“Maryrose Larkin’s surprising and rangy poem is part exorcism, part tour of the ruthless canals of the body where memories like ghosts hover, retreat, get startled and go astray. Decay and loss are present, but as movement, animation. Even the process of revision is palpably felt, not as groping for excellence but as openness to re-vision. Where some poets simply evoke contingency, Maryrose enacts it, and with a powerful sense of compassion. The ghosts here lead not to an underworld or to what may come, but to ‘touch and hazard.’ The effect is both haunting and inviting. Go in and meet everything outside, anew.”—Standard Schaefer
“Lisa Samuels’ beautiful ANTI M is a delicate, dark, expansive, and obviously elliptical text that explores not the opposite but the obverse side of memory. In ANTI M, memories are broken apart and intensified, they have become charged particles. They flicker, not cinematically (though the lovely, enigmatic images included in the book bring film to mind) but with electricity. It is that exciting play of light, cast by shadows and patches of even darker darkness, that makes the language of ANTI M luminous. And it is luminous—this is a gorgeous work.”—Lyn Hejinian
Lisa Samuels has a PhD from the University of Virginia and currently teaches literature and creative writing at The University of Auckland in New Zealand. She publishes essays and edited work on poetry, theory, and critical practice. She is the author of several books of poetry—including WILD DIALECTICS (Shearsman Books, 2012), TOMORROWLAND (Shearsman Books, 2009), THE INVENTION OF CULTURE (Shearsman Books, 2008), and THE SEVEN VOICES (O Books, 1998)—as well as a creative nonfiction book, Anti M, forthcoming from Chax Press. Her current projects include an essay collection, Modernism Is Not Enough, an audio recording of TOMORROWLAND with soundscapes, and a modular novel experiment, Tender Girl. Having lived in various parts of the United States, as well as in Sweden, Israel/Palestine, Yemen, Malaysia, and now New Zealand/Aotearoa, she is interested in transculturalism, especially as embodied in language and the digitas.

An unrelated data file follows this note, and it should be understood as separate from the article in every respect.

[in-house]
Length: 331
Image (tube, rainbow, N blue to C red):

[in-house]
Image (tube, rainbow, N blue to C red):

Edited and translated from the Vietnamese by Linh Dinh. “Carefully selected for their literary significance as well as their antagonism towards state power, cultural orthodoxy and conventional wisdom, the hundred and sixty Vietnamese-language poems annotated, contextualized and expertly translated into English in THE DELUGE provide a stunningly original (counter) history-in-fragments of Vietnamese society from the 1960’s up till today. While Linh Dinh is typically known for his extraordinary poetry, fiction and journalism, THE DELUGE showcases his remarkable talents as a translator, anthologist and cultural historian. I love everything about this book: the sneaky-smart selections, the illuminating yet ruthlessly efficient author-bios, the fascinating addendum and, of course, the absurdly brilliant translations.”—Peter Zinoman